James McBride, considered an “underdog” contestant, has won this years National Book Award for fiction. Other winners are George Packer (for nonfiction), Mary Szybist (poetry), and Cynthia Kadohata (young people’s literature).
A week ago, Wyoming senatorial candidate Liz Cheney made news by publicly breaking with her sister over gay marriage (Liz opposes it; Mary Cheney is gay and in a same-sex marriage). In the wake of the controversy, Elaine Showalter took the opportunity to revisit Lynne Cheney’s frontier novel Sisters, which is “both a pulpy murder mystery, with cattle barons and homesteaders; and an astoundingly sympathetic treatment of Wyoming women’s culture in 1886.”
Five years ago this month saw the publication of Robert Bolaño’s sprawling opus 2666 in the US, precipitating “one of those rare moments when you could walk into a coffee shop, step onto a bus, or enter a bookstore and find someone raving about or devouring an ambitious novel that topped a thousand pages. ” At Flavorwire, Jason Diamond selects the fifty novels that define the past five years in literature.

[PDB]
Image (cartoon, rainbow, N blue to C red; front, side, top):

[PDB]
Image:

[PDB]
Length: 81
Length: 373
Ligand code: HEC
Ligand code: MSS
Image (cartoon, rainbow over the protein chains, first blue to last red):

At The New York Times, Daniel Mendelsohn and Jen Szalai consider “whom or what” literary prizes are for.
One of the country’s first public libraries of culinary literature is now open for business. The library is based in the Southern Food and Beverage Museum in New Orleans and contains “more than 11,000 volumes, as well as archival documents, menus, and assorted culinary ephemera.”
Can bleak books actually be motivational? Stanford comparative literature professor Amir Eshel thinks so. In a paper that looks at works of art featuring “characters swamped by titanic historical forces” Eshel makes the case that depictions of trauma prompt us to “remain optimistic about shaping the future.”
A survey conducted by UK website bookcareers.com looks at starting salaries in British publishing, and, big surprise, finds that the situation is pretty grim: “One of the things that comes out from the data immediately is that entry-level jobs are still paying the same amount they were five years ago. Middle and senior managers are doing slightly better, but there is quite a disparity with those just starting in the industry.” As a result, the world of British publishing is pretty homogenous—those who can’t afford to work for peanuts are priced out of going into the profession.